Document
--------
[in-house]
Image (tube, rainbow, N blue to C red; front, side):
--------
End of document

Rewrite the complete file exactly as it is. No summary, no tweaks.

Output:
[in-house]
Image (tube, rainbow, N blue to C red; front, side):